HIROSHIMA--Until this spring, Itsuo Taira, 74, had almost no idea of the horrors his father witnessed in the Aug. 6, 1945, atomic bombing of Hiroshima.

Taira's father, Yoriaki, hardly talked with his family about his experiences in the aftermath of the event that claimed tens of thousands of lives. Yoriaki died in 2003 at 86.

Yoriaki worked for what became the Japanese National Railways both during and after World War II, handling mainly electrical equipment used in the railway system. After retiring, Yoriaki worked in his garden and made small bamboo toys for his grandchildren.

Earlier this year, Taira visited the Hiroshima National Peace Memorial Hall for the Atomic Bomb Victims that is located within the Hiroshima Peace Memorial Park. The facility has an extensive database of testimony provided by hibakusha who survived the atomic bombing.

Taira fell compelled to type in his father's name in a search mode for the database and he was stunned to find a copy of a handwritten account Yoriaki left behind with the memorial hall.

According to the account, Yoriaki was at Hiroshima Station about two kilometers from ground zero when the atomic bomb detonated. He suffered burns to his face and right hand.

At a housing complex on the west side of the station for railway employees who had left their families back in their hometowns, Yoriaki's wife, Sakae, had brought Itsuo for a visit to Hiroshima from their home in Fukuyama, eastern Hiroshima Prefecture.

After the explosion, Yoriaki went to the housing complex but could not find his wife and son.

In his account, Yoriaki wrote, "I don't know if they are dead or alive."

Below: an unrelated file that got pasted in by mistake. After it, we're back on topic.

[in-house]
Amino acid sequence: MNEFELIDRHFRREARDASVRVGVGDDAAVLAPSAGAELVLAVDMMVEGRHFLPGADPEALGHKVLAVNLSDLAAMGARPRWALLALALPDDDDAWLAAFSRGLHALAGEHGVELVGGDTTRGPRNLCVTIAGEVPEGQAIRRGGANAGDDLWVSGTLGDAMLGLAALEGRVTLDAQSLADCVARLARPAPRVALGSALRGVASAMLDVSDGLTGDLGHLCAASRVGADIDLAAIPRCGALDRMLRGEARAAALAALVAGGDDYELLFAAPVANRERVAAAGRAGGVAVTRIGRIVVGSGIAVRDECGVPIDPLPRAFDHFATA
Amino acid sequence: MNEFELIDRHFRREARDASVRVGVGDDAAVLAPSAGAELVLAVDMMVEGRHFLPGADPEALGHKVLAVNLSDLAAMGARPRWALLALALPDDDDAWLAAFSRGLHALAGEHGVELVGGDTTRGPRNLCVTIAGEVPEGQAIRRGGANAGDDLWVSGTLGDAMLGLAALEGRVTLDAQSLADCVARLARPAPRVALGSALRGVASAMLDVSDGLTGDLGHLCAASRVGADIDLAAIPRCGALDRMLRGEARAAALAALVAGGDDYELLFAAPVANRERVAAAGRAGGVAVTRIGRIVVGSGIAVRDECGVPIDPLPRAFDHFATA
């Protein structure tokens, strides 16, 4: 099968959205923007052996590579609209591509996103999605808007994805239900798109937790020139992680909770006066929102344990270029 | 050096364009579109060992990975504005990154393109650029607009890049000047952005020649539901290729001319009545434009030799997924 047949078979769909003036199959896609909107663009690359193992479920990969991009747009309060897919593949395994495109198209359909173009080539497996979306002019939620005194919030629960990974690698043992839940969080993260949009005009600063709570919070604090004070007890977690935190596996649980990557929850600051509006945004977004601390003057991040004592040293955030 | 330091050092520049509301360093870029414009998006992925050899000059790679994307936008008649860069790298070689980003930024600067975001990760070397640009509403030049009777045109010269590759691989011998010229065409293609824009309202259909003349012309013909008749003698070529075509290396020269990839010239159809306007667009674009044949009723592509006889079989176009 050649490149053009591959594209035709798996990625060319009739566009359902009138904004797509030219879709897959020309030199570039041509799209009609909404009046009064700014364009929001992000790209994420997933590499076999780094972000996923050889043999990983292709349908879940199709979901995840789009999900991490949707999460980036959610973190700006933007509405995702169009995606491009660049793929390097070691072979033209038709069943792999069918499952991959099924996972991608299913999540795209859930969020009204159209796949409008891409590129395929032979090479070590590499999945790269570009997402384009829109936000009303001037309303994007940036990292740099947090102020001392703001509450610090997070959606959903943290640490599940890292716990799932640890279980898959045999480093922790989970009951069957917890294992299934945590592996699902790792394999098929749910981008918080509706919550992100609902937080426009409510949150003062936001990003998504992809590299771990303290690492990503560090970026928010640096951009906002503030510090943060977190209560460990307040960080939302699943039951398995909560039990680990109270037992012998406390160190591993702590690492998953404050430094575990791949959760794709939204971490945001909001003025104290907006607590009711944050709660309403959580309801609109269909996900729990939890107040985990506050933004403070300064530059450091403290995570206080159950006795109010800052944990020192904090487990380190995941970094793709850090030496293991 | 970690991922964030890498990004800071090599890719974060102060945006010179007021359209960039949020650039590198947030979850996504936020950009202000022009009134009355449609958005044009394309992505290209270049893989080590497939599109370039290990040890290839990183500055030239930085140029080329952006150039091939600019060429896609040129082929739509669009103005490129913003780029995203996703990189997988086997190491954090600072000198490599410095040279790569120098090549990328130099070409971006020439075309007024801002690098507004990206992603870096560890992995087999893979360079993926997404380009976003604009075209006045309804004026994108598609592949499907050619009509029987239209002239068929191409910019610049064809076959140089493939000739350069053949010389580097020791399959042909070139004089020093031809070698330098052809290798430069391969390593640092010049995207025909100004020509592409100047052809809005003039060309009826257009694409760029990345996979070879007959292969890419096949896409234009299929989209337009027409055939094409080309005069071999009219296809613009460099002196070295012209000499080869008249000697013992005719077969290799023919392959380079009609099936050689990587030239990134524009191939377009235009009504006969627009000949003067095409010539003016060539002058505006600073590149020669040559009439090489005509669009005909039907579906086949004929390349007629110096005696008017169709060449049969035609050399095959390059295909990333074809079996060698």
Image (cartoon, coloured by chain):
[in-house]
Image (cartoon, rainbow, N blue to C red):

He added, "Not knowing what to do, I also felt like collapsing because I was overcome with despair."

As things turned out, Yoriaki met up with his wife and son sometime around noon that day.

He wrote, "My wife and son suffered burns and other injuries that made it difficult for them to walk."

Itsuo was only 2 months old when the atomic bomb leveled the city so he had no direct memory of what happened. This was the first time he learned what he himself suffered.

Yoriaki belonged to a local group of hibakusha, but he had never given his family any sign that he had provided written testimony about his experiences.

In his handwritten account, Yoriaki described the "living hell" he saw in Hiroshima that day.

"People asked for water, so I gave it to them. But many died soon thereafter," Yoriaki wrote.

Reading that account made Taira realize that his father probably shied away from talking about his experiences because he did not want to relive the horrors he witnessed.

Taira surmises that his father wrote the account because he felt "in his heart a strong anger toward the atomic bomb and the belief that he had to pass on the tragedy that he endured."

During the summer Bon holiday season, Taira's three children and their offspring are planning to visit him in Fukuyama. He plans to have them read Yoriaki's account.

"They will probably be surprised to read the horrific experiences of their kind grandfather," Taira said. "It could provide a catalyst for thinking more personally about nuclear weapons and peace. I want to pass on my father's experiences for as long as possible."

Taira took part in this year's memorial ceremony marking the 74th anniversary of the dropping of the atomic bomb as one of the representatives of hibakusha to present flowers to those who died with a renewed appreciation of the secrets his father took to the grave.